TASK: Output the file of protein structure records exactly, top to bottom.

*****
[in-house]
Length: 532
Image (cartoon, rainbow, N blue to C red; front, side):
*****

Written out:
[in-house]
Length: 532
Image (cartoon, rainbow, N blue to C red; front, side):